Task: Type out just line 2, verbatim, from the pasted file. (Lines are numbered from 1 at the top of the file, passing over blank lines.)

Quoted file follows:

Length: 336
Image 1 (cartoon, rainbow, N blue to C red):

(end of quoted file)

Image 1 (cartoon, rainbow, N blue to C red):